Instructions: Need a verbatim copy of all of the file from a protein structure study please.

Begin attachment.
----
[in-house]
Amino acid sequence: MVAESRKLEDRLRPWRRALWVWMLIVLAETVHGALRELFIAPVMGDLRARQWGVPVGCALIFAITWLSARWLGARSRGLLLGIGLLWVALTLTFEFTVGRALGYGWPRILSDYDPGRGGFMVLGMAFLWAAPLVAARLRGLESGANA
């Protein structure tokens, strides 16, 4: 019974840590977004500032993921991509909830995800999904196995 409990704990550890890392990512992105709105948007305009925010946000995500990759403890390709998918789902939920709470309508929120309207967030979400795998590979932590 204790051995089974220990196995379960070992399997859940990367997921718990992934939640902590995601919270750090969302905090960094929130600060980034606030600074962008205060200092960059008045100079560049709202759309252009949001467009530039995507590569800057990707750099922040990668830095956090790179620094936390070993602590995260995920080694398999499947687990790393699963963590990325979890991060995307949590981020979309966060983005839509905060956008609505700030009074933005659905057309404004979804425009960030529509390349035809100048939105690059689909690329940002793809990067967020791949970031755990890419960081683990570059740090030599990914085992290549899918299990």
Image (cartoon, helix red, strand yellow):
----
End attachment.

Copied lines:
[in-house]
Amino acid sequence: MVAESRKLEDRLRPWRRALWVWMLIVLAETVHGALRELFIAPVMGDLRARQWGVPVGCALIFAITWLSARWLGARSRGLLLGIGLLWVALTLTFEFTVGRALGYGWPRILSDYDPGRGGFMVLGMAFLWAAPLVAARLRGLESGANA
């Protein structure tokens, strides 16, 4: 019974840590977004500032993921991509909830995800999904196995 409990704990550890890392990512992105709105948007305009925010946000995500990759403890390709998918789902939920709470309508929120309207967030979400795998590979932590 204790051995089974220990196995379960070992399997859940990367997921718990992934939640902590995601919270750090969302905090960094929130600060980034606030600074962008205060200092960059008045100079560049709202759309252009949001467009530039995507590569800057990707750099922040990668830095956090790179620094936390070993602590995260995920080694398999499947687990790393699963963590990325979890991060995307949590981020979309966060983005839509905060956008609505700030009074933005659905057309404004979804425009960030529509390349035809100048939105690059689909690329940002793809990067967020791949970031755990890419960081683990570059740090030599990914085992290549899918299990």
Image (cartoon, helix red, strand yellow):